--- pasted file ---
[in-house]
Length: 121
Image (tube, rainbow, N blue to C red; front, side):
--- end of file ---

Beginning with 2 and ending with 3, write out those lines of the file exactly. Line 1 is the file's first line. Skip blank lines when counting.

Length: 121
Image (tube, rainbow, N blue to C red; front, side):